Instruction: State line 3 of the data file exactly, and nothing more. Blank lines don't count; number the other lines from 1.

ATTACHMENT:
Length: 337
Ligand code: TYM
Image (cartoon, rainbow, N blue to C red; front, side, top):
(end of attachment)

Image (cartoon, rainbow, N blue to C red; front, side, top):